Diving into Switzerland’s Linguistic Tapestry: Unveiling the Multilingual Magic of Swiss German, French, Italian, and Romansh
The answer to the question “What is the official language in your country?” is simple in many parts of the world. However, for a Swiss person, the answer to that question is a bit more complicated. The country has no fewer than four official languages. You heard correctly—not one or two, but four! The secret of Switzerland’s success is therefore in its diversity. In this blog, my colleague Noëlle and I visited Switzerland to learn more about languages and their uses. We reveal the Swiss secret in this blog!
An abundance in languages
In Switzerland, they speak Swiss German (a dialect of German), French, Italian and Romansh. These four national languages are spoken in the four different language areas and multilingual regions or communities. In the municipality of Biel, for example, you can hear French and Swiss German, while in the canton of Graubünden, Swiss German, Romansh and Italian are spoken.
This multilingualism is also evident in everyday life in Switzerland. We noticed, for example, street signs written in three languages: Italian, French and German. When you enter a supermarket, you will notice that most products have product descriptions in all four national languages.
The majority of the Swiss population speaks Swiss German or Standard German. A quarter of residents speak French on a daily basis, while only about 0.6 per cent of the population speaks Romansh. Italian is mainly spoken in the canton of Ticino and in Graubünden.
When you first arrive in Switzerland, you may think you will find it difficult to understand the locals. But there is no need to worry, because the people here are true chameleons! As soon as they realise that you do not understand them, they switch from one of their languages to Standard German, although with bits of Swiss German here and there. This makes it easier for you as a guest to quickly adapt to the country’s culture and language.After a few months it shouldn’t be a problem to follow a conversation in Swiss German, as you quickly get used to the dialect.
Key features per language
Let us have a closer look at the four national languages, one by one. What are the main hallmarks and how has each language been implemented in Switzerland?
Close to 60% of the country’s population speaks German, which is the country’s official language. But take note that in Switzerland they speak Swiss German, which is a dialect of Standard German. Swiss-Germans understand and speak Standard German perfectly, but they also speak their own dialect. It does not work the other way around, however, as many of the German tourists in Switzerland do not understand Swiss German.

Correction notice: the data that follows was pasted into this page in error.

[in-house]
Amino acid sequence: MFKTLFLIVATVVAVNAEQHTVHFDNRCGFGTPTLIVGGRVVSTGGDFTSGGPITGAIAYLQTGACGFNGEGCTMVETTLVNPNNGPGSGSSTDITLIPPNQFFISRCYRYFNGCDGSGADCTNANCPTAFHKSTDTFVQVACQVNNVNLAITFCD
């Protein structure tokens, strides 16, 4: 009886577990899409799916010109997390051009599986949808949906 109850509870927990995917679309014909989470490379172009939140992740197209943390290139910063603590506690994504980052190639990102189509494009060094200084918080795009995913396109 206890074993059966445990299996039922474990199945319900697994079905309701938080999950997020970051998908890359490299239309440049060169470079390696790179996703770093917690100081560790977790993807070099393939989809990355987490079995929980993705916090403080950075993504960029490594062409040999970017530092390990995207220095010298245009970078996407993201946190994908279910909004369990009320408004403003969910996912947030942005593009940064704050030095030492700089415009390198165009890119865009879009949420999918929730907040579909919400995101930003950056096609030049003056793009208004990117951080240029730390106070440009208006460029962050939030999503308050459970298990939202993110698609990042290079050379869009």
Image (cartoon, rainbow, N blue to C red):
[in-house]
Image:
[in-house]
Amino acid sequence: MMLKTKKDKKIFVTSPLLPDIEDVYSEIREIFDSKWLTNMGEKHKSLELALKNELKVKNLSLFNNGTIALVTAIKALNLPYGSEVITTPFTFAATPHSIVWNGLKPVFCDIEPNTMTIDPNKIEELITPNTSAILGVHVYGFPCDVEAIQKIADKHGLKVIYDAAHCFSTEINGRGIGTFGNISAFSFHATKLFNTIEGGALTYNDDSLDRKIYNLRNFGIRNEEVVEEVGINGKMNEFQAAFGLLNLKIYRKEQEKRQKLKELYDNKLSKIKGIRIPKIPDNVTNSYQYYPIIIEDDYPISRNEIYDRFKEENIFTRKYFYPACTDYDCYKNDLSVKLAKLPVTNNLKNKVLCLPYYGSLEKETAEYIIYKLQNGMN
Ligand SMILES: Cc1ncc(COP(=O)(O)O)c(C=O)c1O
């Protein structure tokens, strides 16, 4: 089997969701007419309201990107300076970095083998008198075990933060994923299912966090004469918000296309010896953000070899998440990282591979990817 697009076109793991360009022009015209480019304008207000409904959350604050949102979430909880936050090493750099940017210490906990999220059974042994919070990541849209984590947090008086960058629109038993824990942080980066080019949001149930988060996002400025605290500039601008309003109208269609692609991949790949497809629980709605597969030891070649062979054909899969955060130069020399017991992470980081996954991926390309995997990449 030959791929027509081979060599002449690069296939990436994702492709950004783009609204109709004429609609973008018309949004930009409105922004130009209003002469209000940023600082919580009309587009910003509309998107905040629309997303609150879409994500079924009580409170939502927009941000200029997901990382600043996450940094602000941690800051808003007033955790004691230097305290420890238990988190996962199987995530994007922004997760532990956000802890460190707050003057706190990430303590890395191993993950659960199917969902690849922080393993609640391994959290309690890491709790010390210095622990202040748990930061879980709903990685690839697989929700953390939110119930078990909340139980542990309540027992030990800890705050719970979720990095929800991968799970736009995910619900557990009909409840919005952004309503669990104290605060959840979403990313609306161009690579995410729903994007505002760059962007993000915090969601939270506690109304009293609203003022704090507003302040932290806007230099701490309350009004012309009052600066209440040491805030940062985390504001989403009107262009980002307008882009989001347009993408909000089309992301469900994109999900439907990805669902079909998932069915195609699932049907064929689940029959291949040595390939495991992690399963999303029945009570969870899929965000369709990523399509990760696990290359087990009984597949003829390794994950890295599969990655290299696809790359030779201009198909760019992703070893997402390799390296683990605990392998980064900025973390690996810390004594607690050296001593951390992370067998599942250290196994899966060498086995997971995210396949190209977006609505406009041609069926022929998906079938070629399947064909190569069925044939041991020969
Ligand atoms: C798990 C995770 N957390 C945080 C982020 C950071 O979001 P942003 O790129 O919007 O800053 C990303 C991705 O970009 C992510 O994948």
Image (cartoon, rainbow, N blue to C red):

French is less widely spoken in Switzerland than German, but is still considered the second main language by the population. Roughly 20% of the country’s population speaks French as their first language.
Unlike the German spoken in Switzerland, French in Switzerland is almost identical to the classical French from France. There is a difference in the way they communicate with it and the speed at which they talk, though. The French, for example, use the word ‘soixante-dix’ to refer to the number seventy, while the Swiss simply say ‘septante’.
Italian is spoken by about 8% of the population in southern Switzerland. It is the third most widely spoken language in the country. Italian in Switzerland is not much different from Italian in Italy, but it does include some unusual translations from German and French.
The Romansh language has been used in Switzerland for centuries. The origins of this language can be traced back to Roman times. When the Romans conquered the Recio region (known as ‘Graubünden’ today), they brought their language with them. Although it is only spoken by a small part of the population today, Romansh has been an official language since 1996.
“Merci für die gelato!”
It may seem difficult to believe, but only a few years ago, hardly anyone spoke a word of English in Switzerland! The Swiss were indifferent to English, but today command of English is a requirement for most jobs. English is also highly prevalent in Swiss media, with the result that more and more Swiss people have a reasonable command of English.
As we stopped to order an ice cream on the way through Switzerland, I noticed that the lady at the ice cream truck could understand me when I spoke French, German and English. I caught myself committing some embarrassing slipshod phrases, such as “Yes, merci für die ice cream”, but I still managed to get what I wanted to order. It seems very appropriate to eat ice cream in the country, as you can see mountain peaks with ice at the top in the distance from almost anywhere. It is a breath-taking view that never ceases to surprise. During a train ride back to our campsite, we chatted with ease first in German and then easily switched to English with a group of Swiss. They explained to us that there are not many people in French-speaking regions who are fluent in English, which means that it can be difficult to fill some positions. English is growing enormously in popularity, however, so there is a high probability that English will eventually become Switzerland’s fifth language.
Once back at our campsite we were ready to warm something up over a gas fire and then crawl into our sleeping bags. Did you enjoy this blog? One thing is for sure: the languages spoken in Switzerland will no longer hold any secrets from you! You now know that Switzerland is not only an attractive destination for its ski resorts, delicious Swiss chocolate and raclette, but that its languages are also particularly fascinating.